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Record label pulls artist-sanctioned MP3 tracks

Capitol demands Billy Idol, Beastie Boys remove CD quality downloads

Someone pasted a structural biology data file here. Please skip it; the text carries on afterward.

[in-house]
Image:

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US record label Capitol, a division of British-owned industry giant EMI, forced two of its artists to remove free music tracks encoded in the MP3 format from the Web this weekend. However, despite the music industry's ongoing paranoia over the MP3 format, Capitol's move seems to be more about its relationship with the musicians concerned -- Billy 'White Wedding' Idol and the Beastie 'Fight for your right to party' Boys -- than the use of MP3 per se, though that too has played a part. Idol is signed to Chrysalis -- the record label founded back in the late 60s so Jethro Tull could get a decent recording contract -- which was bought by EMI in the late 80s. According to music industry sources, Capitol refused to release Idol's latest album, so artist and label are now in negotiations to terminate his recording contract with Chrysalis. Idol's work has been released in the US under Capitol's Java Records subsidiary, so perhaps Sun Microsystems' lawyers might like to take a look at the deal too... Idol posted two tracks from the unreleased CD on the MP3.com Web site three weeks ago. However, Capitol demanded they were both removed, which is what has now happened, apparently to ensure Idol's exit talks were not jeopardised. The Beasties, meanwhile, have been squabbling with Capitol for some time, ever since the band posted MP3 tracks of concert recordings on their official Web site. Some tracks were initially pulled, then put back. Ultimately, all the MP3 songs were removed, replaced by lower-quality RealAudio versions. That suggests that Capitol has no problem with the availability of the tracks, only with what format they're released in. So maybe MP3.com president Michael Robertson has a point when he says: "They [Capitol] see this as a crack in the dam. If every artist did this, it would legitimise MP3." ®

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